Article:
Drugs & Pharmaceuticals Ltd. & Anr Vs. R.K. Shewaramani  Insc 383
(3 August 2005)
Pasayat & H. K. Sema Arijit Pasayat, J.
of the judgment rendered by a Division Bench of the Delhi High Court is
questioned by the appellants.
Court held that the termination of services of respondent by order dated
8.1.1991 was illegal.
basic facts in a nutshell are as under:
respondent-employee was at the relevant point of time working as a medical
representative of appellant No.1- company which undisputedly is
"State" within the meaning of Article 12 of the Constitution of
India, 1950 (in short the 'Constitution'). He was transferred from Delhi to Eluru in the State of Andhra Pradesh by order dated 17.6.1989.
that the respondent-employee had not joined the transferred post a charge sheet
was issued on 27.9.1989.
was another set of charges and the charge sheet was issued on 12.12.1989. While
these two charges were pending consideration in departmental proceedings, action
in terms of Rule 30A of the Industrial Drugs and Pharmaceutical Ltd.
Discipline and Appeal Rules, 1978 (in short the 'Rules') was taken. A
show-cause notice was issued requiring the respondent to show cause as to why
his services shall not be terminated on account of unauthorized absence from
duty exceeding 30 days. Rule 30(A) was introduced by way of an amendment w.e.f.
30th March, 1990 on the basis of a decision taken by
the Board of Directors on 24.4.1990. On receipt of the show cause notice the
respondent-employee took the stand that he had already been charge sheeted and
enquiry was going on and, therefore, the employer cannot be permitted to turn
around and by-pass the enquiry and take action on the basis of alleged amended
Rule 30(A). Company has realized that it cannot prove the charges in the
enquiry and, therefore, the enquiry was being by-passed. He wanted a copy of
the approval of the Board of Directors for amending the Rule 30(A) as done on
30.3.1990. The order of termination was passed keeping in view the unauthorized
absence and unsatisfactory reply to the show cause notice.
Screening Committee after assessing the materials on record came to the
conclusion that the services of the respondent were to be terminated with
immediate effect under Rule 30(A).
order of termination was questioned by filing a writ petition before the Delhi
High Court. Validity of amended Rule 30(A) was challenged in addition to taking
the stand that the authorities have found it inconvenient to establish the
earlier charges and, therefore, have by-passed them and taken resort to amended
Rule 30(A) with mala fide intents. Present appellants rebutted the stand and
supported the action impugned in the order.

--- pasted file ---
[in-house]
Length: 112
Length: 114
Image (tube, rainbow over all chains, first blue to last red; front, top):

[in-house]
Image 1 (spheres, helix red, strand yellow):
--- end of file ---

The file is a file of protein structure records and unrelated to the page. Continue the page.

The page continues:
High Court allowed the writ petition primarily on two grounds; firstly it was
noted that there was no material to show that in the last show-cause notice it
was indicated that the earlier departmental proceedings were dropped and
secondly, in the notice it was not indicated that the same was in terms of the
amended Rule 30(A) of the Rules and was not in continuation of the earlier
charge sheets. Even after service of the last show-cause notice, the respondent
had been served minutes of charge sheets dated 27.9.1989 and 12.12.1989 of the
proceedings held on 30.7.1990. He was also asked to attend enquiry on certain
dates. The High Court, therefore, held that the impugned order cannot be said
to have been passed bona fide. Rule 30(A) of the Rules had no application as
the two departmental proceedings were already pending and those related to
periods prior to coming into effect of Rule 30(A) which cannot be said to have
any retrospective effect. Accordingly, the writ petition was allowed and the
order of termination was set aside. Liberty was however given to the employer for proceedings further with the
departmental proceedings against the respondent.
support of the appeal, learned counsel submitted that the approach of the High
Court is clearly erroneous.
is no requirement in law that when a fresh enquiry is commenced, the earlier
proceedings should be given a go by.
factually also it is not correct as held by the High Court that the show cause
notice was not in terms of Rule 30(A). In any event, the respondent himself
knew that the action had been taken under Rule 30(A). There was no mala fide
involved as erroneously observed by the High Court.
response, learned counsel for the respondent- employee submitted that because
of trade union activities the respondent was made a victim. When two
proceedings were already in progress, there was no necessity to take resort to